“We’re very excited to have such an iconic species as Ring-tailed Lemurs join us at the Zoo,” says Team Leader of Primates, Harmony Neale. “Initially we will hold an all-female troop with plans for them to be part of the regional breeding programme. Ring-tailed lemurs are a matriarchal mammal species, so ensuring the four females bond and build a cohesive community is crucial before we introduce them to males.”
The four Ring-tailed Lemurs, Felana, Volana, Ravioli and Mawusi will remain in their house while work is still being completed on their habitat.
“We’ve spent a long time designing the new Ring-tailed Lemur habitat and ensuring that the space is fit-for-purpose for these animals,” says Harmony. “We will keep our Wellington Zoo community up to date as to when the Lemurs will be visible to visitors, which we hope will be very soon.”
“Ring-tailed Lemurs are a well-known and eye-catching species for many visitors,” says Harmony. “Ring-tailed Lemurs are fantastic ambassadors for other Lemur species in Madagascar and we’re very excited for our Zoo community to learn all about these charismatic animals and how they can help to protect their natural habitat.”
Like most Lemur species, the Ring-tailed Lemur are listed as Endangered on the IUCN Red List, with their population continuing to decline due to deforestation and hunting in Madagascar. Wellington Zoo supports the Madagascar Fauna and Flora Group to save threatened wildlife in Madagascar, including critically endangered Black and White Ruffed Lemurs and endangered Ring-tailed Lemurs.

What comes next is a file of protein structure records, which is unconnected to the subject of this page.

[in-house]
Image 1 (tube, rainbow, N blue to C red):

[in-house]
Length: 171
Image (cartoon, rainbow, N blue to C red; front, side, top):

About Ring-tailed Lemurs
There are over 100 different species of Lemurs which are all found in Madagascar, including the Ring-tailed Lemur.
Ring-tailed Lemurs are highly social primates and live in large groups run by a matriarch. They have several different calls that they use for communication, including an infant purr, a meow, a bark and even a howl.
Ring-tailed Lemurs get their name from their impressively long and fluffy tails. Their tails help them to keep their balance when they are running or jumping, and they can act as a flag to keep a group together.